Hello dear readers!
Tonight I want to start a project that I’ve wanted to do for a while now because I think there’s a lot of potential to have some interesting discussions. Penn Jillette and Teller, two of my favorite illusionists, put together a daring kind of show in which they took controversial topics and discussed them from their unique perspective. Sometimes this created shows in which their political ideology trumped science (like the global climate change episode), but other memorable times we got episodes in which they created one of the best visual metaphors for vaccines to date.
If you haven’t seen this series, I encourage you to do so. And one of the first things you should keep in mind (apart from the warnings about nudity and language) is that this is a show about skepticism, and applying skepticism even to the skeptics. The show is called Bullshit! for a reason–the two hosts may be peddling it, and it’s important to call even them out.
Of course, when doing so it’s important to be tactful.
To be fair, I don’t think I was kicking him when he was explaining that he made missteps. It’s hard to convey what you mean on the internet, much less in 140 characters. In case Penn ever sees this post, I want to apologize for the tone–but I was offering an honest critique of the show, not trying to put him down.
With that said, I want to start a “rewatch” and a review of the first episode, entitled “Talking to the Dead.” It’s the first show of the series, and it sets the tone and makes an introduction.
Original Air Date: January 24, 2003
Production Code: 101
The show opens with Penn talking to a prop headstone belonging to Houdini, which is very apropos to the topic and the show itself. Houdini is perhaps the most famous illusionist in history (his name is even an idiom!), and I’m sure both Penn and Teller find inspiration in his life. There’s a lot of humor in the show, which is a necessity because, often, they’re dealing with controversial and difficult topics in the show. Penn, for instance, will say, “See, it’s easy to speak to the dead,” after speaking to the prop headstone as if Houdini was listening to him.
One thing that stands out to me is that Penn admits that they have dealt out bullshit, but that they tell people that they lie. I think that this is particularly why the show works–and it reminds me very much of the work of James Randi, who made his mark by exposing people like Uri Geller as bullshitters. Who better to expose bullshit but bullshit artists themselves?
And in case you’re wondering why the show is called “Bullshit,” Penn explains it is for legal matters; apparently, calling people con artists and quacks will open you up to legal action, whereas saying they’re full of it is a-okay. Admittedly, after watching this episode I’m a bit leery of calling any bullshitter a fraud, but just talking about who they are and what they do is more than enough to get the point across.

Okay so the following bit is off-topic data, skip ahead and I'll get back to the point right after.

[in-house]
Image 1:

So obviously this episode is about people who claim that they can communicate with the dead. It’s important to note that I’m a scientific skeptic and I don’t believe that ghosts or spirits exist, and even if they did, they probably have more important things to do than sit around and talk with us boring idiots all day. But there are certainly powerful emotional reasons for people to buy it–perhaps they miss loved ones, or can’t move past the grief of losing a life partner. These feelings are very understandable and they’re human. We should be empathetic to these people because we’ve all lost someone close to us.
And that’s why the people that take advantage of people in grief need to questioned. If they’re exploiting people, and lying to them, they should be exposed.
I have to agree with Penn when he says that they’re not interested in the money that psychics who claim that they can communicate with the dead are taking from vulnerable people–what matters is that they desecrate the memories that the people hold of their lost loved ones. How are people influenced by exploitation of those memories, and is it harmful? As Penn says, the only thing we have left of the people who leave us behind are our memories of them–more valuable than the money that they take.
Penn also introduces the Center for Inquiry, a group that is famous for its pro-science advocacy and fostering skepticism toward supernaturalism. What’s perhaps most useful is that they list and explain a number of methods that are used by performance artists and psychics to connect with their audiences. The first method is “cold reading,” which is described as a way of fishing for information “while giving the impression that you’re getting this information from some supernatural source…”